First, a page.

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Before his appearance at the World Economic Forum in Davos last January, Xi Jinping’s advisers presented him with four drafts of a speech for the annual gathering of global elites.
According to two people familiar with the Chinese president’s preparations, Mr Xi chose to give the softest version, presenting China as an environmentally friendly champion of globalisation and free trade. He was speaking just days before President Donald Trump celebrated pulling the US out of the Trans-Pacific Partnership, a 12-nation trade pact that pointedly excluded China.
Beijing has since rushed to secure what Chinese officials call the “strategic opportunity” arising from Mr Trump’s election victory, by accelerating efforts to repair long-strained relations with two traditional US allies in the region, the Philippines and Japan. China has offered Manila generous infrastructure deals and taken steps to attract new investment by Japanese multinationals.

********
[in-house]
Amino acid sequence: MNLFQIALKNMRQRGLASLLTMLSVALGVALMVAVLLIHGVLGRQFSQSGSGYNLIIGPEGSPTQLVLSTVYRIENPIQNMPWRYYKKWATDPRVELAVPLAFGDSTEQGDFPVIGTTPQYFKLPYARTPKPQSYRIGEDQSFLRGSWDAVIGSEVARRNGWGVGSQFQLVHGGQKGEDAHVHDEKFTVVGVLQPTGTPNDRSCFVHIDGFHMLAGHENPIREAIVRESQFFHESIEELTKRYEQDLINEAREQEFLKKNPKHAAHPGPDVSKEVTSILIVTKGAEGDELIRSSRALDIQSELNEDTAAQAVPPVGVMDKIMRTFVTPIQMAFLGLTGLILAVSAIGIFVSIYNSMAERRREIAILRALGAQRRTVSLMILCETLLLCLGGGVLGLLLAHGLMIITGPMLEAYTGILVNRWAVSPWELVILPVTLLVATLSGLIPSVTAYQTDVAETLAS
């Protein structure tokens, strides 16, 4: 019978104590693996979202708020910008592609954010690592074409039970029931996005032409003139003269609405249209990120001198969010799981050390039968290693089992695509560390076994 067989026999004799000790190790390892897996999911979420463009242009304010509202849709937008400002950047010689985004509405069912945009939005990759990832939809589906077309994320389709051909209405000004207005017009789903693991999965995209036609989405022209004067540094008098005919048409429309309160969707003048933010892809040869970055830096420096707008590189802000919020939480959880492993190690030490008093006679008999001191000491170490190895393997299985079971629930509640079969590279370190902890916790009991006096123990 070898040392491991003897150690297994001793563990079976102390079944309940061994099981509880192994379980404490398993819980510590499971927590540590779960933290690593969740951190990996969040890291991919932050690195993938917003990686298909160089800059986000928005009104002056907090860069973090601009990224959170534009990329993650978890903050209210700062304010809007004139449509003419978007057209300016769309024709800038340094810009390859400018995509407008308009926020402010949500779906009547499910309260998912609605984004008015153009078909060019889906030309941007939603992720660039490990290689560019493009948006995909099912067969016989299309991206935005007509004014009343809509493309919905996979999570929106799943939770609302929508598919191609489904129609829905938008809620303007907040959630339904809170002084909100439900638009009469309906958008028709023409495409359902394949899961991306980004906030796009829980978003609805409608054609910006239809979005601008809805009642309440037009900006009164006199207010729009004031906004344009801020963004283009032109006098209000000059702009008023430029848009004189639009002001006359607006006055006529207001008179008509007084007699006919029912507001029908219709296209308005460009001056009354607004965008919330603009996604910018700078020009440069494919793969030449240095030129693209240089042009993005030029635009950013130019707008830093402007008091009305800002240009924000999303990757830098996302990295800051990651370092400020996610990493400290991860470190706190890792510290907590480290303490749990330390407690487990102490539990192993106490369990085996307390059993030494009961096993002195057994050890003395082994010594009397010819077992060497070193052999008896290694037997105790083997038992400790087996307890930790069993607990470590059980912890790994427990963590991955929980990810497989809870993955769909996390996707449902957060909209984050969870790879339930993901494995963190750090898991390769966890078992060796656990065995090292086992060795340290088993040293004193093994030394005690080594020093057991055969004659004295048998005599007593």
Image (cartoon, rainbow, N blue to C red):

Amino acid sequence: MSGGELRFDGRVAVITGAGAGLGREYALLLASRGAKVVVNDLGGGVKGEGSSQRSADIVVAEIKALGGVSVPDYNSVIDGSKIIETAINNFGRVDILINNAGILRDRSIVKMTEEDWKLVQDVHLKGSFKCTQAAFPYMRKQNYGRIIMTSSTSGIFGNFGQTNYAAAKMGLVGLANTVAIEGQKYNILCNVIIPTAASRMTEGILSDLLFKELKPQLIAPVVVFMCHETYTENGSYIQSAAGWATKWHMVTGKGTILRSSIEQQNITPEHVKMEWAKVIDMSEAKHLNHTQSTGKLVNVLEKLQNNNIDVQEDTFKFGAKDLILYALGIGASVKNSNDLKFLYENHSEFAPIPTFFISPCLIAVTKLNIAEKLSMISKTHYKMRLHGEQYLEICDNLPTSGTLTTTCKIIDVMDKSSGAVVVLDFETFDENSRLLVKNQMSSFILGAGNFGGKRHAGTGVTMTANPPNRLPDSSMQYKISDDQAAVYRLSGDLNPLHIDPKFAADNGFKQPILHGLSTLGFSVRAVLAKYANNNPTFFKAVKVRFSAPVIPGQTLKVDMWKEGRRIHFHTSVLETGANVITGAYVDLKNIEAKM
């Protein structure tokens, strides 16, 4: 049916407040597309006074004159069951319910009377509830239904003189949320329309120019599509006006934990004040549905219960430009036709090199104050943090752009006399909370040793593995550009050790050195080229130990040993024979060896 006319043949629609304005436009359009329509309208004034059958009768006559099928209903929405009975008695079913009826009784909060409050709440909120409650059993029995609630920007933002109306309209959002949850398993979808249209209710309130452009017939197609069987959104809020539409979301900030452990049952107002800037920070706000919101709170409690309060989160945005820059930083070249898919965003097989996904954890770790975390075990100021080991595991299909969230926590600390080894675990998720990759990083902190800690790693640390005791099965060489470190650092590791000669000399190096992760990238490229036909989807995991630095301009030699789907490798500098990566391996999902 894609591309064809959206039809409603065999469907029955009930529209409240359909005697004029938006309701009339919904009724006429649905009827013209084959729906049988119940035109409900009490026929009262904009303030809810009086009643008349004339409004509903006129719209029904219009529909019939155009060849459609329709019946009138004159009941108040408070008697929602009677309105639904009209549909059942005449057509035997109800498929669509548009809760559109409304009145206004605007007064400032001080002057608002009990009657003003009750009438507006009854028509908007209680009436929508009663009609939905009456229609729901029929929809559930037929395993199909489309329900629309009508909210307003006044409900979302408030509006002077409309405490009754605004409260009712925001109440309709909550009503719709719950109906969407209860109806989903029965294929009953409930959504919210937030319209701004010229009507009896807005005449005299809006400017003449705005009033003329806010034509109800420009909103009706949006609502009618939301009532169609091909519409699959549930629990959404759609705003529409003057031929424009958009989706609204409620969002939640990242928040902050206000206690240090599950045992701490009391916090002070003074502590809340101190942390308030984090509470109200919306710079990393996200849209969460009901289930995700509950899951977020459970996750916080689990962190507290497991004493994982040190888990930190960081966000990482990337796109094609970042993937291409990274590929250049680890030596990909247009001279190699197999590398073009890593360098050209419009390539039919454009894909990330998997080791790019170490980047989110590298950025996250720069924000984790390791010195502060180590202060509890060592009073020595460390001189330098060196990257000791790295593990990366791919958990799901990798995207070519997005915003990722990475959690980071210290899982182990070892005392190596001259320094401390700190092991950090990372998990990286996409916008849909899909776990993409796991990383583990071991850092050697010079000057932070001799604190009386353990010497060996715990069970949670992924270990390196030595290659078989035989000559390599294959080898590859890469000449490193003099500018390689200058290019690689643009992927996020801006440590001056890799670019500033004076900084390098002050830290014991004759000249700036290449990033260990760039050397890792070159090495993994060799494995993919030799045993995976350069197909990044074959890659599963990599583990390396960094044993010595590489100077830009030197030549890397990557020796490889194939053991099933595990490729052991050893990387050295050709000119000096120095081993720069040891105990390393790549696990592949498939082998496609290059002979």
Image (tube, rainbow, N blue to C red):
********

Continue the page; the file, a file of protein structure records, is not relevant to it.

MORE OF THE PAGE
The Chinese charm offensive is a carefully calculated response to growing doubts in the region about the reliability of the US , as Beijing seeks to alter the balance of power in east Asia.
Along with Taiwan, which enjoys de facto independence but is regarded by China’s ruling Communist party as a province it will one day reclaim, the Philippine and Japanese archipelagos are critical pieces in a US-aligned “first island chain” that Beijing strategists believe has long been used to contain the Chinese military’s ability to project power in the western Pacific.
“There is a sense in Asia that Trump’s election may portend a dramatic power shift,” says Jake Sullivan, the Democratic former foreign policy adviser to Hillary Clinton and Joe Biden.